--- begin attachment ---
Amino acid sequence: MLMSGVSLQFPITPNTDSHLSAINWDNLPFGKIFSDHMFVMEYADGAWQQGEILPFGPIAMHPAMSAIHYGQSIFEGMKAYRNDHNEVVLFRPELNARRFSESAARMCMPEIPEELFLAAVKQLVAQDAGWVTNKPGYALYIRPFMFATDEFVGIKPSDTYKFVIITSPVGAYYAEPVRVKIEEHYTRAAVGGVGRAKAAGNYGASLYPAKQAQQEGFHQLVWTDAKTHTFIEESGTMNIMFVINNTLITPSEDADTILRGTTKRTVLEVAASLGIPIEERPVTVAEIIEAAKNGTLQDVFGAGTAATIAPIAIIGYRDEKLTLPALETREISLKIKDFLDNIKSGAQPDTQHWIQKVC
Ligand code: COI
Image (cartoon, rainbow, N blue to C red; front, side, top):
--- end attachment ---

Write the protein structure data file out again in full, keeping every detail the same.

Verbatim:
Amino acid sequence: MLMSGVSLQFPITPNTDSHLSAINWDNLPFGKIFSDHMFVMEYADGAWQQGEILPFGPIAMHPAMSAIHYGQSIFEGMKAYRNDHNEVVLFRPELNARRFSESAARMCMPEIPEELFLAAVKQLVAQDAGWVTNKPGYALYIRPFMFATDEFVGIKPSDTYKFVIITSPVGAYYAEPVRVKIEEHYTRAAVGGVGRAKAAGNYGASLYPAKQAQQEGFHQLVWTDAKTHTFIEESGTMNIMFVINNTLITPSEDADTILRGTTKRTVLEVAASLGIPIEERPVTVAEIIEAAKNGTLQDVFGAGTAATIAPIAIIGYRDEKLTLPALETREISLKIKDFLDNIKSGAQPDTQHWIQKVC
Ligand code: COI
Image (cartoon, rainbow, N blue to C red; front, side, top):